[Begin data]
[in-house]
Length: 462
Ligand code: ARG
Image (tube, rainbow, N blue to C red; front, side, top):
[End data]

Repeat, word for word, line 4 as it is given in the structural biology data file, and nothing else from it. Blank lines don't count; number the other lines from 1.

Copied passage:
Image (tube, rainbow, N blue to C red; front, side, top):